“Darkness cannot drive out darkness; only light can do that”.
Hate cannot drive out hate; only love can do that.
” These words were spoken by Martin L. King, Jr. King so true in my mind today, as I write about the very burning topic of today’s generation, “Discrimination against people living with AIDS”.
We’ve heard and we’ve learnt about the discernment done based on caste, gender, job, religion etc. but isn’t it a bit surprising that even people infected with some disease are being differentiated.
The person who is fighting with a life-threatening disease is not being treated as a normal human, rather they are being abused, and taken as untouchables in our society.
We all know that AIDS (Acquired Immuno-Deficiency Syndrome) is a sexually transmitted disease (STD) caused by HIV (Human Immuno-Deficiency Virus).
This disease acts like a slow poison and interferes with our ability to fight against other diseases.
More than a disease, AIDS has now turned into a stigma and yes, this stigma is not only in underdeveloped countries like Nepal but also prevails in the most developed countries like the United States and United Kingdom. AIDS has never been treated as a normal disease. Let’s admit this reality.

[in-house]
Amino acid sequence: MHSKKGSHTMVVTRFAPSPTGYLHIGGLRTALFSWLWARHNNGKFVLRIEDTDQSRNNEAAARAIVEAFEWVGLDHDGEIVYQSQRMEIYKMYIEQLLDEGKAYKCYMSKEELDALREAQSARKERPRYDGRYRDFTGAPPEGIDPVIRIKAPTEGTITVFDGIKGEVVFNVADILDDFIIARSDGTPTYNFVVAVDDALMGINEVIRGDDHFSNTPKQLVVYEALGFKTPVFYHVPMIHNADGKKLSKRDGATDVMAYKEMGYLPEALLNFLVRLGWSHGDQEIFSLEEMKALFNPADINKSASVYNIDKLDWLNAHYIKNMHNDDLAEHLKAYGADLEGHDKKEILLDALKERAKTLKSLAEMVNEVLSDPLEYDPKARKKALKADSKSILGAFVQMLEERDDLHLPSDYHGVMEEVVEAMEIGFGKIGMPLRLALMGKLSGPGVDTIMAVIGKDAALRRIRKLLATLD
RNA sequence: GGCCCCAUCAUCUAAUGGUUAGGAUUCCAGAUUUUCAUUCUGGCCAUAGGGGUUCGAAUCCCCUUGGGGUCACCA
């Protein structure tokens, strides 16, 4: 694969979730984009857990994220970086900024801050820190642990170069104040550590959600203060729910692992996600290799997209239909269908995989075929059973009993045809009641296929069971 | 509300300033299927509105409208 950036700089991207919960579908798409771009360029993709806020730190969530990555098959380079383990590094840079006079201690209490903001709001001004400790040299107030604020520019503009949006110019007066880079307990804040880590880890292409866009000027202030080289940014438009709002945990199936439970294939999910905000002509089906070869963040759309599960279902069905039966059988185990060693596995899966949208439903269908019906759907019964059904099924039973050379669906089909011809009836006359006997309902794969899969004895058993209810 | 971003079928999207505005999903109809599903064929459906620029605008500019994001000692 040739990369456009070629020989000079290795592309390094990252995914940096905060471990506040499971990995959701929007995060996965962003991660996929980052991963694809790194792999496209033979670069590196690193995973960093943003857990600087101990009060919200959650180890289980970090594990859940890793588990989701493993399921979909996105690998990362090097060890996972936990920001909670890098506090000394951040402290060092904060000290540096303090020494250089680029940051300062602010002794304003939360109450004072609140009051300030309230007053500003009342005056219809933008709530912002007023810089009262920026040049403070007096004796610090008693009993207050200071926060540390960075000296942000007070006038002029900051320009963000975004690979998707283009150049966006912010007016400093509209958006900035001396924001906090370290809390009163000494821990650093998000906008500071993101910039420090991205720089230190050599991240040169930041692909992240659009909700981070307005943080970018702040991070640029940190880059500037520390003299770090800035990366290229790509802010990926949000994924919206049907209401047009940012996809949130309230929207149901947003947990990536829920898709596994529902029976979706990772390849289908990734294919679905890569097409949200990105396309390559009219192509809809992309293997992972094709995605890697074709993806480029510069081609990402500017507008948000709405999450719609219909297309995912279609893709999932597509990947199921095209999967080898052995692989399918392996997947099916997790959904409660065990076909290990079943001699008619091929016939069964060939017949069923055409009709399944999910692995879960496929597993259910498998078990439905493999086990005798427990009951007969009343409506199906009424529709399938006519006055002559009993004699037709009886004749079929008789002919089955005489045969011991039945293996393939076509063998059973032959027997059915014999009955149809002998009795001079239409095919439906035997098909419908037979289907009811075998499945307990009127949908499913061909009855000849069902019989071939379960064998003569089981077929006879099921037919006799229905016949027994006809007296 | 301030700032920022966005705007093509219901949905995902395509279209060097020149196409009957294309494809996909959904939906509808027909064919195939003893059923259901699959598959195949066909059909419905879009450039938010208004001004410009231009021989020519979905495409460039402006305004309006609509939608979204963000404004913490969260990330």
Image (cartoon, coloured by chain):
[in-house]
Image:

It has always been unacceptable in our society. This sickness is generally transmitted through sexual intercourse but there are other ways too through which people get infected, and to know those other ways of treatment are being unaddressed or at best completely ignored by our society.
There is a mindset that this disease transmits only because the person involved in a sexual relationship with multiple partners; people fully try to avoid the fact that this disease can be transmitted through unsterilized syringes or from blood transfusion or maybe from an infected pregnant mother to her child.
The general belief is that a pregnant woman suffering AIDS will give birth to a child who will carry the AIDS from his or her mother’s womb.
The disease-ridden people are deprived from using facilities in the community, they are not allowed to do any professional job. The family, friends, everyone who once used to be around them no longer accept and support them.
People hate those who suffer from this disease.
They fear living in that situation where they are sure that they don’t have much time to live. They undergo depression and other mental health issues. They live but they no longer feel alive.
For the past 32 years on December 1 we’ve been remembering those who’ve lost their lives due to AIDS and supporting those who have been fighting with this life-threatening disease, the people’s wrong mindset, the narrow-minded society.
So, yes today with the theme of “Ending the HIV/AIDS Epidemic: Resilience and Impacts” let’s come together and support the infected ones because they are humans too.
Let’s help those who are expecting or in need of our helps. This way we can serve the targeted group.